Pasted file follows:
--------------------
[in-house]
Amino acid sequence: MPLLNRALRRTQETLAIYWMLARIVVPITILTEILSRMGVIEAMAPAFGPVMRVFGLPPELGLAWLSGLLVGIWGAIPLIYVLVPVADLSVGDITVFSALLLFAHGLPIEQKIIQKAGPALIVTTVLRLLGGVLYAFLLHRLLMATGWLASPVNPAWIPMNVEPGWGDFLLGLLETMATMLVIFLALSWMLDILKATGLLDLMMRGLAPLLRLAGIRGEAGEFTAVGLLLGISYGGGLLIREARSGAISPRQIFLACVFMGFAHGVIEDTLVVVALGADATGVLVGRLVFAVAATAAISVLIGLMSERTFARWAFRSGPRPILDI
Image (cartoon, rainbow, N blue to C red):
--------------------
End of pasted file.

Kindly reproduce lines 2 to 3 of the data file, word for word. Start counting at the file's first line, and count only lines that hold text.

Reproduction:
Amino acid sequence: MPLLNRALRRTQETLAIYWMLARIVVPITILTEILSRMGVIEAMAPAFGPVMRVFGLPPELGLAWLSGLLVGIWGAIPLIYVLVPVADLSVGDITVFSALLLFAHGLPIEQKIIQKAGPALIVTTVLRLLGGVLYAFLLHRLLMATGWLASPVNPAWIPMNVEPGWGDFLLGLLETMATMLVIFLALSWMLDILKATGLLDLMMRGLAPLLRLAGIRGEAGEFTAVGLLLGISYGGGLLIREARSGAISPRQIFLACVFMGFAHGVIEDTLVVVALGADATGVLVGRLVFAVAATAAISVLIGLMSERTFARWAFRSGPRPILDI
Image (cartoon, rainbow, N blue to C red):